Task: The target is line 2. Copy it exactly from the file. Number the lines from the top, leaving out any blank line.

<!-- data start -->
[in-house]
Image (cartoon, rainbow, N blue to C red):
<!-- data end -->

Image (cartoon, rainbow, N blue to C red):